China's fast growing coffee house market
By Mitchell Blatt  ·  2024-01-16  ·   Source: China.org.cn


A barista brews coffee at the Starbucks Beijing Xitieying Wanda signing store in Beijing on November 23, 2023 (XINHUA) 

When I last lived in China, it was easy to find an intersection in Shanghai with a Starbucks shop on every street corner. Now, four years later, China has even more coffee shops – and it's not just foreign brands like Starbucks.

Driven largely by the growth of domestic brands like Luckin Coffee, China has surpassed South Korea as the country with the most branded coffee shops in the world. Shanghai was already the city with the most coffee shops in the world in 2021. However, China still does not have the most coffee shops per capita when compared to its large population – South Korea and Japan rank first and second in that regard.

What might be surprising to some is that China already surpassed the United States in terms of coffee shops years ago. With 49,691 cafes, China has over 10,000 more cafes than the United States, according to Project Café 2023. Americans do drink a lot of coffee – 3.1 kilograms worth of beans per capita, according to Euromonitor – compared to 2.6 kilograms per capita for South Koreans and less for Chinese. But Americans typically enjoy their morning coffee at home, and we don't have the same social coffee culture as Asians or Europeans living in densely-populated cities.

Luckin Coffee, China's leading branded coffee shop with 13,000 outlets, has grown by focusing on creative coffee-based drinks. Their online menu lists their top three sellers: the coconut latte, a latte enriched with coconut milk that is subtly sweet and smooth; the velvet latte, which is made creamy and silky with Hokkaido milk; and the creamy dreamy latte. An iced minty coconut latte is one of Luckin's newest additions.

What is immediately clear is the importance of a smooth textured drinking experience for many of Luckin's drinks. China does not have a long history of coffee consumption as many European countries do. Coffee often tastes bitter to infrequent drinkers of the stuff. Tea is China's drink of choice, so Luckin has many drinks that mix coffee and tea. They also have a lot of drinks that blend coffee and juice. Their Exfreezo blended coffee drink, for example, comes in flavors such as matcha, peach jasmine, and mango jasmine.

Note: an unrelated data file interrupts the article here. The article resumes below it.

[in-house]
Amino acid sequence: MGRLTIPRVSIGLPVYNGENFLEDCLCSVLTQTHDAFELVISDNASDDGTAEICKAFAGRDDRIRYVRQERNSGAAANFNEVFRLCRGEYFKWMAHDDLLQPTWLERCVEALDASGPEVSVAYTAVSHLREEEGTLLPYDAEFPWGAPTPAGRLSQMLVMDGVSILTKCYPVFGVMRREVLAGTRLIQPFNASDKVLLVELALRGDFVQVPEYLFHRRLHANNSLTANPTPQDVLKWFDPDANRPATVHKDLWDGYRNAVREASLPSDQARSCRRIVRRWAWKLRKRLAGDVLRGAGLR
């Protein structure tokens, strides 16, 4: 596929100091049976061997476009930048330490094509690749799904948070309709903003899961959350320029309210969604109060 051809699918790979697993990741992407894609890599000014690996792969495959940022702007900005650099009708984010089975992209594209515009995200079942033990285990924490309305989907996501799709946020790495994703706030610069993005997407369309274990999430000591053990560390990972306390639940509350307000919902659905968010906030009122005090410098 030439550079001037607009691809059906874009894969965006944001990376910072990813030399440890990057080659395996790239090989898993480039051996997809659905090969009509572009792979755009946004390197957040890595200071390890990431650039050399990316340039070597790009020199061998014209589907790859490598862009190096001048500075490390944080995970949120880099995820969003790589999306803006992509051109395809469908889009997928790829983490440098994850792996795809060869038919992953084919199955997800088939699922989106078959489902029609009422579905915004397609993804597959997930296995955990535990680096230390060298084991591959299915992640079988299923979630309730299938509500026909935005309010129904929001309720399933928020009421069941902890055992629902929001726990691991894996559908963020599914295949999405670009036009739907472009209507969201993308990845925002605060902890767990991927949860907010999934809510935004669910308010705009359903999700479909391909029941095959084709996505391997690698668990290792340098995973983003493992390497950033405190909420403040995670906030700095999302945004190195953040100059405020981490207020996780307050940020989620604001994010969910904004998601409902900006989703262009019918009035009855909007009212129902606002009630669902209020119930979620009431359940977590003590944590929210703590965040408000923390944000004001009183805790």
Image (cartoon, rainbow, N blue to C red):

Luckin's comeback focused on attracting customers through quality and taste rather than racing to the bottom on price. When it first started, Luckin mostly only sold ordinary coffee drinks at extremely low prices. The prices were so low that the company couldn't make a profit. Students and workers just drank it for its affordability and convenience, but it didn't build lasting customers with brand loyalty, leading to an accounting scandal. Now, by focusing on producing unique and tasty products, it can increase prices and attract customers who like its specialty creations.

The profitable coffee industry in China has also attracted interest from other existing players and new entrants. Starbucks, which has over 6,800 locations in China, opened over 850 new stores this year and has plans to reach 9,000 by 2025. That would require even faster growth of 13% per year, above the company's current annual growth rate of 10%.

In addition, another local startup, Cotti Coffee, is expanding aggressively. Cotti Coffee already has 6,061 locations in 28 countries after just having been launched by a couple of former Luckin executives in August 2022. Cotti seems to be focusing on the low-price strategy that Luckin pursued early on. Their Americano cost half the price of a leading competitor's Americano when they opened their first shop in Thailand this month. Cotti already has shops open in South Korea, Indonesia, and Japan, among other countries.

Luckin opened its first foreign location in Singapore in early 2023, and now has 24 stores there. One of its most innovative drinks is the Big Cheese Latte, which uses New Zealand cream cheese and aromatic blends of coffee.

Manner Coffee has had a different growth trajectory. It grew slowly from just one stall on the street of Shanghai to over 300 stores as of 2021. Other smaller local cafe brands include M Stand and Seesaw Coffee. Canadian coffee leader Tim Hortons is also aggressively expanding in China with over 700 stores targeted at "underpenetrated cities," especially those in the northeast.

The different strategies of different companies show the many possibilities for growth in the Chinese coffee market.

Mitchell Blatt is a columnist with China.org.cn.

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